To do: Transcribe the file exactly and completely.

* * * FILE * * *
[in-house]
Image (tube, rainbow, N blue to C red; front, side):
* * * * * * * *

[in-house]
Image (tube, rainbow, N blue to C red; front, side):